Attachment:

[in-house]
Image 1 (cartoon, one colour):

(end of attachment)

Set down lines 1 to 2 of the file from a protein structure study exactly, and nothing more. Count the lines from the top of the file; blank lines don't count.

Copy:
[in-house]
Image 1 (cartoon, one colour):